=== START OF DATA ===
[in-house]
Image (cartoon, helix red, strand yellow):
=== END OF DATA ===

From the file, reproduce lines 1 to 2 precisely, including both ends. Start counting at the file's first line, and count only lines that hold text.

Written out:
[in-house]
Image (cartoon, helix red, strand yellow):